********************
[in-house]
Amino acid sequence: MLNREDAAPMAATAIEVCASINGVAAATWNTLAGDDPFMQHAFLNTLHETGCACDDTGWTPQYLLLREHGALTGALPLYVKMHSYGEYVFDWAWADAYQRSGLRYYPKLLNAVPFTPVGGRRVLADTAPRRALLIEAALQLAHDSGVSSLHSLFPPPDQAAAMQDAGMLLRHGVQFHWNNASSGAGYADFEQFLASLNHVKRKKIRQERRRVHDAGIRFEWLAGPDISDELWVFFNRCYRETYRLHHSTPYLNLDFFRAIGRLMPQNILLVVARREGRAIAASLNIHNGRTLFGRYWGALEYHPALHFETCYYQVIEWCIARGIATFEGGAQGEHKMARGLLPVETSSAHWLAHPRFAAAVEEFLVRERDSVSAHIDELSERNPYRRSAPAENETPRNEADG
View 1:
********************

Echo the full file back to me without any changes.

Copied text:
[in-house]
Amino acid sequence: MLNREDAAPMAATAIEVCASINGVAAATWNTLAGDDPFMQHAFLNTLHETGCACDDTGWTPQYLLLREHGALTGALPLYVKMHSYGEYVFDWAWADAYQRSGLRYYPKLLNAVPFTPVGGRRVLADTAPRRALLIEAALQLAHDSGVSSLHSLFPPPDQAAAMQDAGMLLRHGVQFHWNNASSGAGYADFEQFLASLNHVKRKKIRQERRRVHDAGIRFEWLAGPDISDELWVFFNRCYRETYRLHHSTPYLNLDFFRAIGRLMPQNILLVVARREGRAIAASLNIHNGRTLFGRYWGALEYHPALHFETCYYQVIEWCIARGIATFEGGAQGEHKMARGLLPVETSSAHWLAHPRFAAAVEEFLVRERDSVSAHIDELSERNPYRRSAPAENETPRNEADG
View 1: